"Monthly, I buy everyone lunch, and each team member gets a chance to pick what we're eating. I also make sure to say thank you to each employee as they leave every single day. In addition, I make a big deal of their birthdays, and I keep each of their favorite snacks in stock at the office."
—Corri Smith, owner, Black Wednesday
"Little things and small gestures make a big difference, such as acknowledging birthdays and showing empathy during the loss of a loved one or illness. Offering flexible work schedules and partial work from home are other ways we show employee appreciation."
—Mac Fadra, CEO, MAXIM Hair Restoration
"Rather than a cookie-cutter approach, I believe in acknowledging a job well done by understanding what motivates each individual and creating an environment for the person to excel. This could mean sending an employee to an interesting seminar or conference the person has shown interest in attending, or assigning the employee to a special project that expands on skills and gives opportunities for growth."
—David Himelfarb, managing partner, Himelfarb Proszanski
"As a mother of two teenage boys, I know the difficulty of balancing work and family. When I opened up my law firm, I was committed to making sure my staff knew I cared about them and their families. If I know an employee's family member is sick, I often ask how they're doing or advise the employee to leave work early. I'm often invited to and always attend employee marriages, showers and funerals. This creates a family-like atmosphere that fosters employee appreciation."
—Edith Pearce, founder, The Pearce Law Firm
"We buy so many birthday cakes, we should open a bakery. Birthdays are a big thing for us, because it's the one day a year we all get to be the center of attention, just like when we were kids. Small notes of gratitude and thanks that point out something specific that an employee did well also help to show that we truly care."
—Kyle Tobin, president and chief environmental officer, LawnSavers Plant Health Care Experts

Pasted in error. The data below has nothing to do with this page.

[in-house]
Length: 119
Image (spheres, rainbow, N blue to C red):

Listen to and Respect Employee Opinions
"One of the best ways to make your employees feel acknowledged and welcome is to invite them to participate in company decision-making and strategy. An office where ideas are heard and taken into consideration can prove to be a constructive and progressive workplace. You'll be surprised to discover how invested your employees become in the future of your company if their voices are heard."
—Dan Joelson, founder, Car Loans of America
"To us, employee appreciation means respect and genuine care for each other. Our leadership team works hard to gain the trust and respect of all of our staff. In our company, this works both ways. Our leaders have to respect our staff and our staff has to respect our leaders. We try to accomplish this by working hard to maintain a culture of authenticity, honesty and openness. This starts with our onboarding process."
— Sean A. Tomalty, CEO, Tomalty Dental Care
Offer Plenty of Perks and Benefits
"When I see constant improvement in all things that make up a strong employee, such as willingness to continue learning and researching, quality work, dependability and punctuality, I review the overall progress of the employee and reward the person with periodic raises or surprise bonuses."
—Laura Orrico, president, Laura Orrico Public Relations
"We show employee appreciation by striving to make our employees feel valued and fairly compensated for initiative, quality and mission-driven performance metrics. One way we do that is by offering excellent benefits. The company pays 100 percent of medical, dental and vision premiums for employees and their dependents. We also have generous vacation, holiday and sick-time policies, as well as provide tuition reimbursement for coursework that enhances career development."
—Nancy Geenen, CEO, Galt Foundation
Read more articles on company culture.
Photo: Getty Images